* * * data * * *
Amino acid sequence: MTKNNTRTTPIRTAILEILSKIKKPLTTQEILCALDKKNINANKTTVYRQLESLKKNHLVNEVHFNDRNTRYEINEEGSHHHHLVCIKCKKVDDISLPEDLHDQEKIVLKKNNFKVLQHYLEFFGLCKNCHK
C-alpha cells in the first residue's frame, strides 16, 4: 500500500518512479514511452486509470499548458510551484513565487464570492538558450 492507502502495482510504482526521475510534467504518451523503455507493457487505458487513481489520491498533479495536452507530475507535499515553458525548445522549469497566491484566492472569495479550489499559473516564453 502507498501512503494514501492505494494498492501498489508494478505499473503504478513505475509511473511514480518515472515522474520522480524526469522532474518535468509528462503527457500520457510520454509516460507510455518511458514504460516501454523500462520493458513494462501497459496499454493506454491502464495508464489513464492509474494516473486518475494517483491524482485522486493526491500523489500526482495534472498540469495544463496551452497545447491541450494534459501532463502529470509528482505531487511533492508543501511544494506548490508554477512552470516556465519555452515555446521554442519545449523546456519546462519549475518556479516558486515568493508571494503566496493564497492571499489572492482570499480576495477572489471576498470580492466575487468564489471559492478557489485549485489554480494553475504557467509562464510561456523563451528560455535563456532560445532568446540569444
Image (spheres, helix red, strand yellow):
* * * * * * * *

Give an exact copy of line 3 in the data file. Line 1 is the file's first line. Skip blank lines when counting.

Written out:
Image (spheres, helix red, strand yellow):